The first significant way that the FFCRA alters the FMLA for “qualified absences” is that it applies to employers with less than 500 employees and government employers with more than one employee.  Second, under the FFCRA, such employers are required to provide employees who have been employed 30 days (instead of the traditional one year) with 12 weeks of protected leave for qualified absences. Third, unlike the FMLA, there is no requirement that a minimum number of hours have been worked.

In the final significant change from the FMLA discussed here, the FFCRA requires some paid leave.  Specifically, after ten days of unpaid leave, the remainder of the qualifying absence, up to 12 weeks, must be partially paid at a rate of 2/3 the employee’s regular wage rate. The cap on this expanded FMLA leave pay is $200/day and $10,000 total. During the first ten days, the employee can choose to use the Emergency Paid Sick Leave described below, or other available paid time off. However, the employer cannot require the use of accrued paid time off. The FFCRA further provides that the wages paid as leave under the FMLA expansion are not taken into account for Social Security taxes.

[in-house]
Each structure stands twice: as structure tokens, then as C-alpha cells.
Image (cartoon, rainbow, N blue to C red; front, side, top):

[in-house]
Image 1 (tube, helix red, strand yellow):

In addition to the changes described above, many familiar FMLA concepts apply to this new leave for a qualifying absence. Employees are only entitled to a total of 12 weeks per year of FMLA leave, including weeks already used as regular FMLA leave.  Discrimination and retaliation are prohibited. The available remedies, penalties, and damages are those available under the FMLA. Post-leave position restoration is required. However, employers with fewer than 25 employees can be exempted from this requirement where the position no longer exists due to economic conditions caused by the public health emergency, the employer makes reasonable efforts to restore the employee at the end of the leave, and the employer attempts to reach the employee should equivalent positions come open during the year after the leave started.